The sole substantive issue in the case at bar is whether Plaintiffs have established title to the Disputed Area by adverse possession. [Note 16] Plaintiffs argue that they have met all the requirements for adverse possession, and that their actual use was open, notorious, adverse, exclusive and for a period in excess of twenty years. Defendants argue that Plaintiffs fail in their quest because Plaintiffs use of the Disputed Area was permissive and was not adverse, open and notorious, or exclusive for a period of twenty years. I shall address each of these issues in turn.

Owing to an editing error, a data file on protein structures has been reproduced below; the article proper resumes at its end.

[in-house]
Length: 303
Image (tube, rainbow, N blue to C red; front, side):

It is well established in Massachusetts that [t]itle by adverse possession can be acquired only by proof of nonpermissive use which is actual, open, notorious, exclusive, and adverse for twenty years. Ryan v. Stavros, 348 Mass. 251 , 262 (1964). See also G. L. c. 260, § 21. The adverse possessors acts should demonstrate control and dominion over the premises as to be readily considered acts similar to those which are usually and ordinarily associated with ownership. LaChance v. First Natl Bank & Trust Co., 301 Mass. 488 , 491 (1938). The nature of the required use varies with the characteristics of the land. Id. at 490. If the claimant has not been using the property for the required twenty year period, he can satisfy the requisite period by tacking on a grantors period of adverse possession, provided there is privity of estate between the adverse possessors. See Luce v. Parsons, 192 Mass. 8 (1906); G. L. c. 260, § 22. The burden of proving acquisition of title through adverse possession is on the party claiming thereby. See Lawrence v. Town of Concord, 439 Mass. 416 , 421 (2003).